Subject: Oklahoma's Farm News Update
From: Ron Hays <>
Date: 7/9/2018 6:18 AM

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We invite you to listen to us on great radio stations across the region on the Radio Oklahoma Network weekdays- if you missed this morning's Farm News - or you are in an area where you can't hear it- click or tap here for this morning's Farm news from Ron Hays on RON.

Let's Check the Markets! 

OKC West is our Market Links Sponsor- they sell cattle three days a week- Cows on Mondays, Stockers on Tuesday 
and Feeders on Wednesday- Call 405-262-8800 to learn more.

Today's First Look:
mornings with cash and futures reviewed- includes where the Cash Cattle market stands, the latest Feeder Cattle Markets Etc.
Each afternoon we are posting a recap of that day's markets as analyzed by Justin Lewis of KIS futuresclick or tap here for the report posted yesterday afternoon around 3:30 PM.
Okla Cash Grain:  
Daily Oklahoma Cash Grain Prices- as reported by the Oklahoma Dept. of Agriculture on Friday, July 6th.
Futures Wrap:  
Our Daily Market Wrapup from the Radio Oklahoma Network - analyzing the Futures Markets from the previous Day.
Feeder Cattle Recap:  
The National Daily Feeder & Stocker Cattle Summary- as prepared by USDA.
Slaughter Cattle Recap: 
The National Daily Slaughter Cattle Summary- as prepared by the USDA.
TCFA Feedlot Recap:  
Finally, here is the Daily Volume and Price Summary from the Texas Cattle Feeders Association.

Our Oklahoma Farm Report Team!!!!
Ron Hays, Senior Farm Director and Editor

Carson Horn, Associate Farm Director and Editor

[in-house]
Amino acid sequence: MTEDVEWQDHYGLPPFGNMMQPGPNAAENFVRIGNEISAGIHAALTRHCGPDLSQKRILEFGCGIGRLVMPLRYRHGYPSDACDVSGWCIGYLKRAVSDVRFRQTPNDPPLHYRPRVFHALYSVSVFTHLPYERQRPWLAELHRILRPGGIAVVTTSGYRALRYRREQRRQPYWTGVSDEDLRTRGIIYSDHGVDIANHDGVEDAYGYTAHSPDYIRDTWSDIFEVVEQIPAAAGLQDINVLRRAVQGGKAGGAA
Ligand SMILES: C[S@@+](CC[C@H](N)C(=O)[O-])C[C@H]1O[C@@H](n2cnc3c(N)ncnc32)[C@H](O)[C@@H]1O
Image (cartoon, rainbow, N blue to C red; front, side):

Pam Arterburn, Calendar and Template Manager
Dave Lanning, Markets and Production

Oklahoma's Latest Farm and Ranch News
Your Update from Ron Hays of RON
   Monday, July 9, 2018

Howdy Neighbors! 

Here is your daily Oklahoma farm and ranch news update. 
FeatureFeatured Story:
Producers Appeal to Administration to Soften Position on Trade, Claim China's Retaliation Already Hurting Farm Families

US Soybean farmers, whose crop represents 41 percent of the value of products on China's tariff list, cringed as said tariffs officially went into effect as of midnight last Friday. Now, soy farmers are bracing to feel the full effect of China's economic wrath in retaliation of President Trump's 25 percent tariff levied on $34 billion worth of Chinese goods.

The value of U.S. soybean exports to China has grown 26-fold in 10 years, from $414 million in 1996 to $14 billion in 2017. Since talk of the tariffs began back in March, U.S. soy growers have watched prices drop more than $2.00 per bushel.

At the same time, US wheat farmers complain that revenue streams originating from China have dried up since its government first threatened retaliation against the US. From March to June over the past three years, the National Association of Wheat Growers says Chinese flour milling companies and their importers purchased an average of about 20 million bushels of U.S. wheat, returning well over $145 million to American farm families and grain handlers. In 2018, however, Chinese importers have been unwilling to accept the risk now associated with the purchase of US wheat.

Like wheat producers, soy growers rely heavily on exports to China. In 2017, China imported 31 percent of U.S. production, equal to 60 percent of total U.S exports and nearly 1 in every 3 rows of harvested beans. Over the next 10 years, Chinese demand for soybeans is expected to account for most of the growth in global soybean trade, which underscores the importance of this market for future U.S. soybean sales.

Likewise, Chinese demand for our high-quality wheat crops is rapidly growing. However, NAWG argues that the unilateral decision to impose tariffs, has already had a direct, damaging effect on U.S. wheat growers.

"The exchange of punitive tariffs between Washington and Beijing today represents the next phase of what could be a long and difficult struggle that will likely inflict more pain before we reach an unknown resolution," NAWG stated in a release, which had similar sentiment echoed in one from the American Soybean Association.